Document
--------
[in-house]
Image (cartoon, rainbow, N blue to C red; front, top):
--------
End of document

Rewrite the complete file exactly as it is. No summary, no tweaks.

[in-house]
Image (cartoon, rainbow, N blue to C red; front, top):